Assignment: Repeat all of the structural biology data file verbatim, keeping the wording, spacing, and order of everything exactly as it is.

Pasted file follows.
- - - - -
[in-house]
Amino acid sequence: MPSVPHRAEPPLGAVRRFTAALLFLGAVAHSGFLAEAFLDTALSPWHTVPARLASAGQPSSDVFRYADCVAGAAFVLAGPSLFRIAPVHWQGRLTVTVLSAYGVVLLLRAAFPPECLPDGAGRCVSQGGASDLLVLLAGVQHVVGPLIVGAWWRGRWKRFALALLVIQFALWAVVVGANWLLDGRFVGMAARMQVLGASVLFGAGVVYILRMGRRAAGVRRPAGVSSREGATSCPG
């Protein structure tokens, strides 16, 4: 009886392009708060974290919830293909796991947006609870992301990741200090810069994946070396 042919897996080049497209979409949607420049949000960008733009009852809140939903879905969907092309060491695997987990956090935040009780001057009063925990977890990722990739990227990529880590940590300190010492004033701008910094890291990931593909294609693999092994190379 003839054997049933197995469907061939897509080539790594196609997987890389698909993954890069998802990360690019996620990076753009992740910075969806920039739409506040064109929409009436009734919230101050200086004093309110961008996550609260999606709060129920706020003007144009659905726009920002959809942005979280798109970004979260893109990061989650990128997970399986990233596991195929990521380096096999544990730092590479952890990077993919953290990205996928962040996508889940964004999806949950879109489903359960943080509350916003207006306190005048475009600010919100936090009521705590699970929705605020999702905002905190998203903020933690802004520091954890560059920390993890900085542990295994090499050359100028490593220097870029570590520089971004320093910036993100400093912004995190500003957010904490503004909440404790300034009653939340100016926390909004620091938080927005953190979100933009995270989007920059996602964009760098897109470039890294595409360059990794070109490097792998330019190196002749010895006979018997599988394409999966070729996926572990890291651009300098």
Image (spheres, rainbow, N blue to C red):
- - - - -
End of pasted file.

[in-house]
Amino acid sequence: MPSVPHRAEPPLGAVRRFTAALLFLGAVAHSGFLAEAFLDTALSPWHTVPARLASAGQPSSDVFRYADCVAGAAFVLAGPSLFRIAPVHWQGRLTVTVLSAYGVVLLLRAAFPPECLPDGAGRCVSQGGASDLLVLLAGVQHVVGPLIVGAWWRGRWKRFALALLVIQFALWAVVVGANWLLDGRFVGMAARMQVLGASVLFGAGVVYILRMGRRAAGVRRPAGVSSREGATSCPG
């Protein structure tokens, strides 16, 4: 009886392009708060974290919830293909796991947006609870992301990741200090810069994946070396 042919897996080049497209979409949607420049949000960008733009009852809140939903879905969907092309060491695997987990956090935040009780001057009063925990977890990722990739990227990529880590940590300190010492004033701008910094890291990931593909294609693999092994190379 003839054997049933197995469907061939897509080539790594196609997987890389698909993954890069998802990360690019996620990076753009992740910075969806920039739409506040064109929409009436009734919230101050200086004093309110961008996550609260999606709060129920706020003007144009659905726009920002959809942005979280798109970004979260893109990061989650990128997970399986990233596991195929990521380096096999544990730092590479952890990077993919953290990205996928962040996508889940964004999806949950879109489903359960943080509350916003207006306190005048475009600010919100936090009521705590699970929705605020999702905002905190998203903020933690802004520091954890560059920390993890900085542990295994090499050359100028490593220097870029570590520089971004320093910036993100400093912004995190500003957010904490503004909440404790300034009653939340100016926390909004620091938080927005953190979100933009995270989007920059996602964009760098897109470039890294595409360059990794070109490097792998330019190196002749010895006979018997599988394409999966070729996926572990890291651009300098």
Image (spheres, rainbow, N blue to C red):